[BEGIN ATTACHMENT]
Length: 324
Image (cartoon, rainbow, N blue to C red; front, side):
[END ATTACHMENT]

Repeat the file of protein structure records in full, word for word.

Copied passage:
Length: 324
Image (cartoon, rainbow, N blue to C red; front, side):